Posts tagged "branded content"

Shoppable video content

What happens when inspiration meets ability to buy?

November 10th, 2021 Posted by Agency Services, brand marketing, brand messaging, brand strategy, branded content, Consumer insight, Content Marketing, Digital marketing, Digital ordering, Shoppable content, Social media, social media marketing, storytelling 0 comments on “What happens when inspiration meets ability to buy?”

2022 will be the year of shoppable content strategy

We are witnessing a merger between the point of inspiration and the point of sale as interactive content takes root, transforming social channels and digital assets from conversations and guidance into shoppable platforms.

Let’s begin by agreeing the future of commerce is all about how to successfully leverage context. Imagine stories that bring to life real-world experiences of creativity and delicious accomplishment in the kitchen where readers can act in the moment to acquire the ingredients for an exciting new dish. Right there, right now. Suddenly this seamless experience unites a great story with instantaneous resolution of that desire to make it yourself.

Shopping in the moment of mindful engagement offers brands an extraordinary opportunity to convert context and useful coaching into a purchase – without any disruption in the midst of media consumption. Call it friction-free execution of a desire to wear or cook or try something you are reading about in real time. Click, done.

As the path to purchase gets shorter, the idea of convenience takes on new meaning. Read it or watch it. Think about it. Desire it. Do it. There’s no hopping off with intent to investigate later. New tech solutions allow brands to integrate shopping functions into the story. Emotional triggers then lead to a convenient sale.

  • Your brand or store social channel and content strategy takes on new power and impact as it connects directly to sell-through without any added cost to acquire and activate the customer relationship.

E-commerce is already driving the future. U.S. consumers alone will account for $933 billion in online sales over the course of 2021. What’s been missing is a way to connect the dots between stories that inform with an ability to pursue a recommended product all the way to checkout – right from the article or video being watched.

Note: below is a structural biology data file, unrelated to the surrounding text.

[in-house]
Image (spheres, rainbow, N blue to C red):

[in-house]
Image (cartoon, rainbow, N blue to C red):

• According to Popsugar, 67% of millennial women say they would like to instantly purchase products they see featured in useful and educational content.
  • 91% of consumers would prefer to consume interactive, visual content that is available to them on demand.

Walmart and Meredith marry commerce and content

Walmart has landed on an opportunity to connect their 220 million weekly shoppers with content provided by the Meredith family of media brands including Better Homes & Gardens, Parents, EatWell and Real Simple. Embedded in the collaboration will be visual search, voice-activated assistance, chatbots and AI-based meal planning services. E-blasts from BH&G feature Thanksgiving recipes where the ability to secure ingredients from Walmart sits alongside prep instructions. Perhaps most exciting is a new shoppable “bookazine” that will feature editor-selected recipes from allrecipes 30 minute meals linked to a Walmart shopping cart. Shoppers will be able to access these content streams and commerce opportunities across the Meredith portfolio.

Ted Baker entertains and entices with shoppable video

Trend forward UK-based fashion retailer Ted Baker has created shoppable videos that bring story, entertainment and commerce to their online platforms, allowing consumers to shop clothing featured in the video with point and click ease. Video is a powerful and interactive storytelling medium. Adding shoppable callouts to the video stream enables decisions in the moment to buy the featured clothing while the story entertains.

Goldbelly to become the “QVC of artisanal food”

Goldbelly’s unique e-commerce platform presents a curated assortment of artisanal products and kits from famous chefs, A-list restaurants, noteworthy delis and lauded food makers. The entire proposition, which has fared especially well during the pandemic, is getting a material boost with Goldbelly TV – a web site-based channel of shoppable productions helmed by the very famous chefs whose products are featured at the site. The videos are extraordinarily good, polished and entertaining – a worthy example of ‘doing it right’ to engage visitors in a mouthwatering culinary adventure with a flavorful happy ending. The videos amp up the value proposition of every product or kit featured and then brought to life.